comb honey how to

Update on how to eat comb honey

Since my post on eating comb honey, I’ve been looking for additional suggestions. The following is just a variation on what I already wrote, but it is truly delicious.

I sliced whole grain artisan bread into half-inch slices and then cut squares about 1.5 inches (4 cm) on a side. I spread the squares with goat cheese (Chèvre), stuck a candied pecan into the cheese, and topped the whole thing with a small chunk of comb honey. I served these with a cold IPA. Perfection.

The chewy bread contrasts with the crunchy pecan, and the tartness of the cheese complements the sweetness of the honey. It’s definitely worth a try. If you’re in the states, Trader Joe’s candied pecans are lightly sweet—but very crunchy—and worked perfectly. Other types of nuts would work as well.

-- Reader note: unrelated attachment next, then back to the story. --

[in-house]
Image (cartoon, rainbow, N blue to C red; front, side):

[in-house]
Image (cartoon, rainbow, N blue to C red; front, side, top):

I’m looking for still more suggestions, so please let me know.


Goat cheese, pecan, and honey comb


  • Rusty, this sounds delicious! I will have to try it soon. You and Anneke sound a lot alike with the food and beer combo…Imagine that! 🙂

  • I have no idea why we would sound alike. Clueless. But the comb honey and goat cheese is great! I’ve got all my friends munching away at it. Please tell me what you think.

  • Took me awhile to post, but I finally tried it a week or so ago and can’t get enough of it! It’s SO good.

  • I’m glad you like it! I was surprised when I first tried it; it reminds me of cheesecake. In any case, it’s addictive.

  • I love raw honey comb! I especially love the packaging of the honeycomb in the paper box with window to see the comb. Would love to gift this package. How do I buy your honey as packaged?